Ramkanai Das A Lifelong Devotion To Songs From Sylhet | The Daily Star
12:00 AM, January 18, 2011 / LAST MODIFIED: 12:00 AM, January 18, 2011

In Focus

Ramkanai Das A Lifelong Devotion To Songs From Sylhet


Photo Courtesy: G.R. Sohail

Ramkanai Das is a great singer of our country. Many do not fully comprehend what the words 'great singer' denote… Once I asked some advanced level students of Chhayanaut who they thought was the greatest singer of our musical history. Some mentioned Mehedi Hassan, while some said Abdul Alim. No one referred to Tansen. They were not familiar with Abdul Karim Khan, Faiyaz Khan or Bade Ghulam Ali Khan.
-- Waheedul Haque
Haque, considered one of the pioneering music exponents and cultural activists of the country, also expressed his admiration of Das' talent as a Khayal singer. The late exponent also referred to Das' impressive repertoire of folk music that had become a part of his family tradition.
Das affirms that Waheedul Hauqe, whom he treated as one of his mentors, had a great influence over him.
Pandit Ramkanai Das was born in 1935 in Sunamganj. Das' family has been preserving and practicing folk music for generations. His parents Rashiklal Das and Dibyomoyee Das, grandfather Prakash Chandra Talukdar and great grandfather Ramcharan Talukdar were all renowned bards of the greater Sylhet region.
Pandit Das exclusively focused on his family tradition until Kazi Nazrul Islam's raga-based numbers opened a new window to him. Das gradually moved from folk to classical music.
However, he never forgot his roots. Throughout his illustrious life the Pandit has dedicated himself to popularising folk music, especially the treasure trove of traditional Sylheti songs.
Though an ardent follower of both classical and folk music, Pandit Das classifies them with different attributes. He considers folk songs to be the essence of his soul. To him, folk song is the 'language', while classical is the 'grammar'.
“Grammar is essential to learn a language thoroughly but it is not a must, as you can say that before learning grammar a child can speak,” said the veteran singer.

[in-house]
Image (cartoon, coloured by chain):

He added, “In a greater sense, music has no class limitations. You can choose classical or folk or whatever you want. But first you have to understand what you want. The important thing is to get accustomed to the tune and then you can decide where you want to apply it.”
Pandit Das also finds similarities between classical and folk music. In his view similarities between classical Dhrupad and Ghatu Gaan are noticeable. He said, “Dhrupad is a polished version of folk songs that were sung in villages near the royal court of Agra.”
Pandit Das has collected numerous folk songs, especially of his parents, from his elder sister Sushama Das, who herself is a well-known folk singer.
So far the veteran artiste has released four folk and a classical album. His debut album, titled “Bonder Banshi Baje”, was released by Commitment Productions in 2005, at the age of 70. Bengal Foundation has released two of his albums, titled “Shurdhunir Kinarae” and “Oshomoye Dhorlam Pari”. The other album, titled “Pagla Majhi”, was launched by Laser Vision. The only classical album by Pandit Das was released by Shurer Mela.
The folk albums by Pandit Das feature songs of different bards, including his parents, as well as some anonymous ones. Songs covered by the seasoned artiste are of Radha Ramon Dutta, Rashiklal Das, Dibyamoyee, Jogendra, Haricharan, Adharchan and Hason Raja.
“We have a tradition of folk music that dates back thousands of years. We should focus on this, otherwise this tradition will become extinct,” he said.
In this connection Pandit Das cited genres such as Ghatu Gaan, Gazir Gaan, Noukabaicher Gaan, Kobi Gaan, Fakir Gaan and Akheri Chetan as well as bards such as Haricharan, Kamaluddin, Azim Shah, Madhusudan, Shitalong Fakir, Ramjoy, Lala and Ramcharan.
Pandit Das finds a decline in the practice of traditional songs. He believes that if this situation continues, our culture will suffer an identity crisis. He is less hopeful about the future of present-day folk song traditions in the greater Sylhet region. He finds that banal songs have been produced in a large number instead of quality ones.
He also finds that collective efforts are diminishing and solo performers are coming up in large numbers, which the Pandit regards as a violation of an old tradition. “Baula Gaan [not Baul Gaan] has a great tradition of being performed by a group of people. Nowadays, this tradition is on the wane.”
Nevertheless, he is hopeful about the future. “There are still remarkable songs, which are performed across the Sylhet region. We should take necessary steps to preserve them immediately,” he said.

The singer is writing his autobiography, which will be published at the forthcoming Ekushey Book Fair. Pandit Ramkanai Das runs a music school named Sangeet Parishad, which has a branch in New York. His daughter runs the school in New York. Das' son, Pinu Sen Das, is an accomplished tabla player and a teacher at Chhayanaut.
N.B. The quote by Waheedul Haque is taken from the flap of Pandit Ramkanai Das' album “Shurdhunir Kinarae”. It is a rough translation.

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